Of course one can look stylish during the winter season. Hats, coats, boots, scarves, and lots of layering—winter offers some of the most exciting opportunities for style-enthusiasts. But, I’ve lived in Massachusetts my whole life, and I have to say, there’s a difference between winter as I knew it, and what we’ve experienced in Boston this year. Last winter was bitter-cold, but we hardly got any snow, and I hardly had to compromise my outfit choices. My shoes didn’t need to be anything but closed-toe. If a light jacket looked better with my outfit than an actual winter coat, I would brave the cold in the name of fashion. This year, however, on the rare occasions that I do step outside, I abandon my “dress for yourself” motto, and dress to survive this apocalyptic winter: I wear fleece sweats, big snow boots, giant turtlenecks, a big black puffy coat, and basically look like a charred marshmallow. As I trudge through gusts of freezing wind and wet slush, I actually whisper and mutter to myself, “Please, please no more…” You know, like a crazy person. I know there are some Boston bloggers (with more photography resources than I) who have posted playful pictures of themselves in the snow, but the fact of the matter is that my regular attire and style are not compatible with making snow angels, and I’m not going to publish posts of outfits that represent this unprecedented weather as opposed to my personal style. One of my main priorities for the blog is to help people dress stylishly for any situation, but I’d like to think this kind of winter is a one-time deal. My blog is about what makes fashion fun, not that which kills it and may also cause frostbite.
I woke up this morning with plans to shoot some outfits, but quickly learned that the forecast had changed to include snow. I felt disheartened, and gripped with anxiety. I’ve promised my readers and followers over and over that there wouldn’t be any more long breaks in between posts, and yet, another three weeks have passed since my last one. If everyone’s busy, or the snow won’t let up, or someone or something needs my attention more than Instagram, the blog has to wait, and sometimes that makes me feel like I’m back on that selling floor, halfway to tears, ill-equipped to tackle my to-do list, and unsure of what to do next. I want so badly to be a great blogger, but sometimes I have to accept certain setbacks.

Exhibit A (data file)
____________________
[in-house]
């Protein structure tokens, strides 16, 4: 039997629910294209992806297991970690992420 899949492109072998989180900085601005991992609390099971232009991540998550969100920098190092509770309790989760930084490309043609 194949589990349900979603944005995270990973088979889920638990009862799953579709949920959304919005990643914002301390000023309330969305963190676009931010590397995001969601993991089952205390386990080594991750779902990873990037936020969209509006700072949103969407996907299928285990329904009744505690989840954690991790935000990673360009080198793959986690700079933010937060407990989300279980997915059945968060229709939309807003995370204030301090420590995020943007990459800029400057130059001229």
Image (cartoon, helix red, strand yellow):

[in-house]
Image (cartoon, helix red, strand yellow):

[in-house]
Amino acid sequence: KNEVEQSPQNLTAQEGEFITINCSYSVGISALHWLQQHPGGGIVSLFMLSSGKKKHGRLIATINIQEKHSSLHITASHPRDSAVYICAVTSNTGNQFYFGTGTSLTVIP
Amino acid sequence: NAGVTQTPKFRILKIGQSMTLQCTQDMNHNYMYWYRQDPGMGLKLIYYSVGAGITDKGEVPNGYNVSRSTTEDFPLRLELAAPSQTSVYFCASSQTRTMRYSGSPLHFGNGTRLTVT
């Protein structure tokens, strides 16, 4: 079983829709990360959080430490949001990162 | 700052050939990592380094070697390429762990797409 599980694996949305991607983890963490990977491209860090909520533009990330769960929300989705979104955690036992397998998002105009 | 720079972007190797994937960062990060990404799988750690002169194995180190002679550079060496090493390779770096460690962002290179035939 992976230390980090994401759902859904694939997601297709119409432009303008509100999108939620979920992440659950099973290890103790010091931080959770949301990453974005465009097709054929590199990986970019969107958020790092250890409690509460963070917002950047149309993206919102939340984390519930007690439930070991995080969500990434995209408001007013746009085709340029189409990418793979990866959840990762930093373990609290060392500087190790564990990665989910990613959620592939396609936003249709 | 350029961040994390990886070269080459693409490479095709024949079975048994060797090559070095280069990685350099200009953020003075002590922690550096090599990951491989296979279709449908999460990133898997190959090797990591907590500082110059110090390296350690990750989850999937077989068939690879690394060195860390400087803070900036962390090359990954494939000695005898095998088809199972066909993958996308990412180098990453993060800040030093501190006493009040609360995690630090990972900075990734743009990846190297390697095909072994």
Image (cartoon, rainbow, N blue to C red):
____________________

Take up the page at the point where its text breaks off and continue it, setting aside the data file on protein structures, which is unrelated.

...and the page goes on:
You might be asking yourself, why don’t you just shoot indoors? Or maybe you’re flabbergasted because you thought I shot these outfits spontaneously as I was actually on my way somewhere fabulous in said outfits. Well, for one thing, my current apartment does not lend itself to pleasant photography, and it’s hard to pack up my clothes and shoot at other locations, because it’s hard to find a place to change in between looks. And as for the reality of photo shoots, while the outfits I post on this blog are one-hundred percent always outfits I have worn or plan to wear in real life, the best way to keep the blog consistent is to shoot as many outfits as I can in one session; but as I explained, those sessions have been scarce lately, and my friends and I aren’t really the kind of people who feel the need to acquire photographic evidence every time we #HangOut. That means there are frequent nights when I rock a killer outfit, but only those who see me in person bear witness to its awesomeness, and it’s all very if-a-tree-falls-in-the-woods-y.
Just as with my job at Bloomingdale’s, when I started Annie’s Fashion Sauce, I didn’t really know what I was doing. It’s been so rewarding to grow and establish myself as a blogger, and I’m so grateful for the success and opportunities that have come my way so far. But the truth is, I’m still figuring the whole blogger-thing out, and sometimes life gets in the way. You can’t predict the challenges you might face, and you certainly can’t predict the weather. This blog is so important to me, and I hate the fact that, in these last few months, I haven’t been able to hold the Sauce to the high standards of my hopes and aspirations. Sometimes duty calls, or blizzards swoop in, and I have to remind myself, It’s just clothes, Annie. So I’m asking my readers here in Boston and all over the globe to please have patience, and to trust that once this weather passes and my life regains some stability, the blog will too—and the Sauce will be spicier than ever.